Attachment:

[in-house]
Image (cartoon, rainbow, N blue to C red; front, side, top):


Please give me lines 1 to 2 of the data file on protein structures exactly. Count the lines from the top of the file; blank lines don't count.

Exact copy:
[in-house]
Image (cartoon, rainbow, N blue to C red; front, side, top):